Death by Execution: Efficient Spurs Chill Sloppy HeatThe San Antonio Spurs tied the NBA Finals record for fewest turnovers in a game (four) and they outscored the Miami Heat 23-16 in the fourth quarter en route to a 92-88 game one victory. Tony Parker scored a game-high 21 points on 9-18 field goal shooting and he led the Spurs in assists (six) without committing a single turnover. Tim Duncan controlled the paint at both ends of the court, finishing with 20 points, 14 rebounds, four assists and three blocked shots; he missed his first five field goal attempts but shot 8-14 the rest of the way. Duncan has supposedly handed the reins over to Parker--whatever that means--but the main difference between this Spurs team and the Spurs teams in recent seasons that did not make it to the Finals is that Duncan has lost weight, turned back the clock and resumed being a dominant force in the paint. There have been a few exceptions but in general NBA championship teams have been led by a dominant post player and/or a dominant 6-6 to 6-9 wing player; Parker is without question a great point guard but without Duncan's scoring, rebounding, defense and screen-setting Parker and the Spurs would not have made it to the Finals.
LeBron James had a strange game, as he often seems to do against elite level opponents; the box score numbers look great--18 points, 18 rebounds, 10 assists--yet he never took control of the game and he disappeared in the fourth quarter. Dwyane Wade finished with 17 points on 7-15 field goal shooting but, after scoring 13 points on 5-8 field goal shooting in the first half, he scored just four points on 2-7 field goal shooting in the second half--and he went scoreless in the fourth quarter with the outcome up for grabs. Wade played very passively, accumulating just two rebounds and two assists while posting a game-low -11 plus/minus number. As NBA TV's Kenny Smith said, Wade did not have a performance worthy of someone who is considered a potential Hall of Fame candidate. Chris Bosh scored 13 points, ranked second on the Heat with five rebounds and led the team with three steals; those are not great numbers but--as discussed below--the Heat treat Bosh like a role player, not a multidimensional perennial All-Star.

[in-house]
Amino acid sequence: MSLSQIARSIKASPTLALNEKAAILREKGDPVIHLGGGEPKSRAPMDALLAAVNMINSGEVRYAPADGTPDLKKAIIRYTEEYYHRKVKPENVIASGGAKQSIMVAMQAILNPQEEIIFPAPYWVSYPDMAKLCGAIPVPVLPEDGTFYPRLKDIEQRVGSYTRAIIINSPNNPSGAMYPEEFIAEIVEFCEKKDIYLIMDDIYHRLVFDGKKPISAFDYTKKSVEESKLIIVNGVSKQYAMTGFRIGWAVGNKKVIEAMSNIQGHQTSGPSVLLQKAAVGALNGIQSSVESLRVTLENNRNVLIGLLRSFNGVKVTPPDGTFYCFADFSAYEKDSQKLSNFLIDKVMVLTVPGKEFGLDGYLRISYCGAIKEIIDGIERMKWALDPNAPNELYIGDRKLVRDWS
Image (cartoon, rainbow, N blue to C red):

On the first play of the game, the Spurs committed the cardinal sin for a Miami opponent; Duncan turned the ball over, the Heat were off to the races and Wade converted a fast break dunk. After that miscue, the Spurs went on a 9-0 run but then the Heat recovered and took a 38-29 lead. The Heat were up 46-38 late in the first half after making eight of their previous 10 field goal attempts but the Spurs patiently chipped away, pulling to within 52-49 at halftime after Duncan hit a buzzer beating jumper; closing out quarters is very important--Doug Collins used to emphasize this during his broadcasting days--and in a four point victory the Spurs hit big shots at the end of both the second and fourth quarters.
After the teams played to a 20-20 tie in the third quarter, Parker scored 10 fourth quarter points, capped by a twisting, shot clock-beating bank shot that will forever be on the all-time Finals highlight reel if the Spurs win this series. Throughout the final 12 minutes, Parker attacked the paint off of the dribble and Duncan made his presence felt in the paint; meanwhile, without San Antonio turnovers or missed shots to fuel Miami's transition game, the Heat looked tentative and uncertain.